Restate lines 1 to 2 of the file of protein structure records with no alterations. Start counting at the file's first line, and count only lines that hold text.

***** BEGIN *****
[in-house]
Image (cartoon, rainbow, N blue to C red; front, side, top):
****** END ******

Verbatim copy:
[in-house]
Image (cartoon, rainbow, N blue to C red; front, side, top):